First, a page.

Black-focused public school in Toronto by 2009…What do you think?

Toronto trustees vote in favour of black-focused schools -Tuesday, January 29, 2008

“A proposal to create Canada’s first black-focused public school was approved by Toronto District School Board trustees Tuesday night.

They have recommended the creation of an alternative school that features a curriculum and teaching environment oriented around black history and culture.

Some parents have said they want to try something new because the current system isn’t working. As many as 40 per cent of black students don’t graduate from Toronto high schools.

Angela Wilson is a mother of two who has been at the forefront of a push for Afrocentric or black-focused schools for years.

“Make our education system better for everybody,” she said.

“It’s not a one size fits all education system. It’s actually working its way to be one size fits few — and the few that are successful do not look like me.”

Trustees were supposed to have discussed a report delivered last week that makes four major recommendations:

  • Open an Africentric alternative school in 2009.
  • Start a three-year pilot program in three other high schools.
  • Work with York University to improve school achievement.
  • Develop a plan to help failing students.

Supporters said those options will keep black students engaged and in school, but opponents said it will lead to greater isolation.

“I just feel being with a mixed group of people is better, you know, you get to learn different cultures, different aspects of different people, the way they live,” said Grade 10 student Terrin Smith-Williams.”

hmmmm….not sure what I think about this yet.

My gut feeling is that it is a cop out. It is a way of saying we are addressing issues of student learning without looking at the whole system.

Or…perhaps it is a step toward a new system. Creating student-centred schools that focus on the different communities they are in.

Like I said…still thinking…

What about you? What do you think about this proposal…ready to go next year!

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  • Tracy Rosen says:

    These comments are making me think….
    The conversation continues here:
    Change and Community: A response to recent comments

  • This is perhaps a bit naive of me but how, exactly, is teaching black history and culture predominantly to black students a step in the right direction? It strikes me that a more balanced approach would be to diversify what is presently taught in high schools; I agree that an Anglo-centric education is likely to be unsuitable given the diversity in most schools, but is the answer to diversity found in isolating cultural bodies? Admittedly I look at this from a political theory perspective, rather than from experience in public classrooms, but theoretically I just can’t see the logical benefits when faced with the fact of plurality in Canada and the rest of the Western(ized) world.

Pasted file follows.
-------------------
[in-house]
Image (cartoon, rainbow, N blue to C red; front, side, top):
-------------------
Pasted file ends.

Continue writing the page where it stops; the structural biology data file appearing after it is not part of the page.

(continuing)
• elona says:

    I’ve been thinking about this for a while now because I teach in a very multi racial school and here’s what I say; let’s try black focused schools. If they work great we’re on to something. If they don’t work great, now we know that isn’t the problem so we can look else where. The way I see it, it’s a win, win solution.

    I’ve heard it said recently, maybe on the CBC, that schools should be mirrors and windows. They should mirror the kids that attend it, and they should be a window to greater society. Black focused schools would be mirrors. Would they be windows? I don’t know. I think that’s something to keep in mind when creating the programs.

  • mark 4 says:

    I think these kids who are at risk for dropping out require a better special ed program for both themselves and their parents. these parents may not have established a supportive at home environment and they’ll need supportive help as well.
    martin luther king would roll over in his grave even though this nnew program is being called a segregated one…a horse by any colour is still a segregated program.

  • Jose says:

    I’ve been thinking about it since it was first proposed. In theory it’s great; they get to concentrate on their own issues with their own communities and learn about their histories without a whitewashed version of their stories. HOWEVER, what ends up happening is that 1) if it’s too good, then they’ll change it so it’ll have a more “diverse” population. Yikes.

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